3 thoughts on “The Ultimate Guide to Muscle Cars

  1. 4.0 out of 5 stars
    Not bad, November 22, 2012
    By 

    Amazon Verified Purchase(What’s this?)
    This review is from: American Bass Sq65cb 6.5 300w Car Audio Closed Basket Midrange Driver

    It’s not a bad mid range, does take some power to get it loud. If you buy this you’ll definatley need to pair it up with some tweeters.

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  2. 3 of 3 people found the following review helpful
    2.0 out of 5 stars
    The Ultimate Waste of Trees, June 11, 2012
    By 
    Carl Bartswinger (Crumblebun) –

    This review is from: The Ultimate Guide to Muscle Cars (Hardcover)

    The book is rife with factual errors and odd omissions/inclusions. I can understand a muscle car book aimed mainly at non-US readers (with displacement and horsepower numbers translated to litres and kilowatts) being appealing as it’s a pretty niche subject but that does not excuse the laziness in research or the haphazard composure of imagery here. Many images are captioned with very little information and sometimes the author has trouble identifying a given car’s year. Odd inclusions such as calling the AC/Shelby Cobra, Dodge Viper and Plymouth Prowler muscle cars and having a chapter discussing muscle trucks but having pictures of heavy duty work trucks instead of those being discussed are rather baffling. The author also has a bad habit of speaking at length about a given model but not including any pictures of it. Someone who is new to muscle cars might actually want to see what a Mustang II looks like, for example. All in, this book is far too heavy and oddly sized to recommend to anyone you like. Makes a good bludgeon, I suppose.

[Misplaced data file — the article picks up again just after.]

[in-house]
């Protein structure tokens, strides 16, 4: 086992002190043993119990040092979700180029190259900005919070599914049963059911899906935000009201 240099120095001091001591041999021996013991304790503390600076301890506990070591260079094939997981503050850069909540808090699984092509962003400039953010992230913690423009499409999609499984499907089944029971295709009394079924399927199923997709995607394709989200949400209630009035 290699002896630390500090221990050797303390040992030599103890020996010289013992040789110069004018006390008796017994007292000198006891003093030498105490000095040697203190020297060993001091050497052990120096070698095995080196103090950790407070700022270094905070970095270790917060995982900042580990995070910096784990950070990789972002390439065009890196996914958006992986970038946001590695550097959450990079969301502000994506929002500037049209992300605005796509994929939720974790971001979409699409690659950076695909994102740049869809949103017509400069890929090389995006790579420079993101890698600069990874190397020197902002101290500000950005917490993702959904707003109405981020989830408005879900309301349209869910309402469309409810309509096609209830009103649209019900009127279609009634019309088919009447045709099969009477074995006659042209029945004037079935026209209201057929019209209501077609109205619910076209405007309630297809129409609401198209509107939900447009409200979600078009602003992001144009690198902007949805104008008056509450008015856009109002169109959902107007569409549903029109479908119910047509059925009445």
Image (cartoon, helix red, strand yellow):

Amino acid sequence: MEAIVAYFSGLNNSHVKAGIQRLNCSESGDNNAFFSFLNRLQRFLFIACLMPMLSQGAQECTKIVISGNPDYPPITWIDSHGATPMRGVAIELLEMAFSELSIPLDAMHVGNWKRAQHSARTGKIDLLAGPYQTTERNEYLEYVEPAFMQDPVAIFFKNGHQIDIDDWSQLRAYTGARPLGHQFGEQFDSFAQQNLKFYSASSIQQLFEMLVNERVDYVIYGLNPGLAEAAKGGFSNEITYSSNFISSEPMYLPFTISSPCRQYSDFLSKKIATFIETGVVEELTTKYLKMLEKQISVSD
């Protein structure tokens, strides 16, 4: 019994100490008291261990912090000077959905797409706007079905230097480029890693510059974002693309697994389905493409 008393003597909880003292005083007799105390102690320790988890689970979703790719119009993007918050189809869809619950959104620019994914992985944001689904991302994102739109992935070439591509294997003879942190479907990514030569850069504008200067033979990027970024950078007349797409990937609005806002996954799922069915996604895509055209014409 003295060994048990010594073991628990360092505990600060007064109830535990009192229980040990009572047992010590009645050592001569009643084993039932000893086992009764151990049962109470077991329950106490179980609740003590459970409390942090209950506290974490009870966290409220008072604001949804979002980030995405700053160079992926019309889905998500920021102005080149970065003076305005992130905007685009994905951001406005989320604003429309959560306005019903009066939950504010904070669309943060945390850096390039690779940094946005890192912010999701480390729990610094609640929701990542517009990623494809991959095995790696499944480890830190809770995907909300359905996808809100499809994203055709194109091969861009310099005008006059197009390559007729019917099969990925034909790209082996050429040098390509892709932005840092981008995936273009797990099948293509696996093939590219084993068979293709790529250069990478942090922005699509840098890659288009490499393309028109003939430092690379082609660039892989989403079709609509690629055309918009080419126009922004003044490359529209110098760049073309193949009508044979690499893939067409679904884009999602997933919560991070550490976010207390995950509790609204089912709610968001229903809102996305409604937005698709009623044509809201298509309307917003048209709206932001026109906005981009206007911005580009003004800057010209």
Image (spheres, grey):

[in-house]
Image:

If you’re looking for a good gigantic muscle car book, try “Muscle: America’s Legendary Performance Cars” by Darwin Holmstrom instead.

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  3. 12 of 14 people found the following review helpful
    1.0 out of 5 stars
    Far from “Ultimate”, May 2, 2004
    By A Customer

    Glastonbury’s book is a curious collection of “musclecars” that somehow includes several pages dedicated to Ford’s Super Duty truck lineup, including full-page photographs of F-350 Super Duty and F-750 Super Duty XL trucks. Far too much space was given to cars like the Studebaker Starlight Coupe, Mercury Montclair and Mercury Voyager Station Wagon (and a ratty, primered example at that) while GMC’s Syclone is barely mentioned and the Typhoon isn’t mentioned at all. ’91 Buick Skylark GS coupes and ’95 4-door Skylark sedans somehow warrant photos, yet the Grand National and legendary GNX are omitted and barely mentioned in the text. Many photo captions provide little or no information, including “The 2003 Z28, returned to its racing roots” and “A Mach 1 from 1969 or ’70.” How can you publish a photo of a car and not know that it was discontinued after 2002 or include a car that you can’t identify beyond a guess? Excluding photos supplied by the manufacturers, photography in this book ranges from bad to terrible. Many of the pictures are redundat, shot in poor locations, with bad lighting and no apparent knowledge of the technology that exists with polarizers. I’m sure the car owners are flattered to be included until someone points out that the photographer obscured their front bumper with his shadow or made it appear as if a Blockbuster Video sign was sticking out of their roof and a light pole was sticking out of their trunk. The book was printed in China and the binding started to split after the first read.

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